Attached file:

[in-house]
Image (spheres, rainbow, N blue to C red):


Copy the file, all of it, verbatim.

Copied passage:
[in-house]
Image (spheres, rainbow, N blue to C red):